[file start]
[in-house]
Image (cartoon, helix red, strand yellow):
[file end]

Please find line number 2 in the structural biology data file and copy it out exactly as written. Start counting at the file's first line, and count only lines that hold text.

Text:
Image (cartoon, helix red, strand yellow):